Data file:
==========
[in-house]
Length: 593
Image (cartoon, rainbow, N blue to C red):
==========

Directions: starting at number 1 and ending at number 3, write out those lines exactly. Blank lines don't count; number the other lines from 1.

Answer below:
[in-house]
Length: 593
Image (cartoon, rainbow, N blue to C red):